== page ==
Population genomics of Sinorhizobium medicae
Last week, the November issue of The ISME Journal arrived in my pigeon hole. I mean a real paper copy of the journal. In this electronic age, I rarely see a paper issue of a journal, but I receive ISMEJ because I am on the editorial board. The distinction between publication on paper and publication online can be significant: the articles in this issue had already been published online six months ago.
This issue was of special interest to us because we have a paper in it (reference below). What is more, the editors selected ours as one of the special papers that are listed on the front cover and can be viewed free of charge by all readers, not just those with a subscription. You really have no excuse not to read and cite this one! We like to celebrate our publications, so Friday afternoon was time to open a bottle. Our rule is that the cost of the bottle should reflect the Impact Factor of the journal, so it was a good bottle this time.
Most of the authors have now left York, since it took us a long time to finish the paper. In fact, the original proposal for this NERC-funded project was to use comparative genomic hybridisation on microarrays to compare the accessory gene content of a large number of rhizobial strains. The two postdocs, Xavier Bailly and Elisa Giuntini, both had relevant expertise, so they set to work to isolate a set of strains that would be a suitable population sample. By the time the isolates were ready, though, the technical revolution of Next-Generation Sequencing was upon us. Xavier worked out that if we spent the microarray funds on randomly sequencing part of the genome of each isolate using the 454 sequencing platform, we would get more data and much better data. No doubt Xavier also worked out that this would mean far less lab work for Elisa and himself! This new paper reports the result of our first tentative step into high-thoughput sequencing. We had 39 isolates of Sinorhizobium medicae, but for the first run we randomly picked 12 of them. Even though the sequence coverage was really low, we still got much more informative data than we could have had from microarrays, so the trial was a success. The isolates were not very diverse, though, so we decided that it was not really interesting to sequence the rest of them. Instead, we turned to another rhizobium species, Rhizobium leguminosarum, that was isolated from the same patch of ground. This time we sequenced many more isolates and got much fuller data. The strains were much more diverse and interesting – but it will be a little while yet before we publish that story.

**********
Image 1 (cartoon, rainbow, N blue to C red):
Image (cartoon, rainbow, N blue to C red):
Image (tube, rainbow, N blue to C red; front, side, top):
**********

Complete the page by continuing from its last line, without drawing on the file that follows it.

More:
An undergraduate project student, Connor Sexton, made a significant contribution to the S. medicae project under Elisa’s guidance. He confirmed some of the 454 data and extended the study to the whole set of strains. The S. medicae strains showed differences in whether they had certain accessory genes that came and went together, as though they were carried together on a plasmid. The strains were also unusual in that they all had a set of genes that look very much as though they encode the enzymes for synthesis of rhizobitoxine. Rhizobitoxine is an interesting compound that has the potential to increase a strain’s competitiveness for nodulation by inhibiting the plant’s production of ethylene, which is a hormone that decreases nodule formation. Until now, the only rhizobia known to produce rhizobitoxine were some strains of Bradyrhizobium, so it is tantalising to think that Sinorhizobium may also use this strategy. We don’t have proof yet, but we’re working on it.
Xavier did a lot of the detailed calculations that went into the paper, but three other authors, Ryan, Peter and Nitin, were dedicated bioinformaticians and also contributed to the final product. If you are going to generate high-thoughput data, it is very important to have a good team of bioinformaticians!
Bailly X, Giuntini E, Sexton MC, Lower RPJ, Harrison PW, Kumar N, Young JPW (2011) Population genomics of Sinorhizobium medicae based on low-coverage sequencing of sympatric isolates. ISME Journal 5, 1722-1734.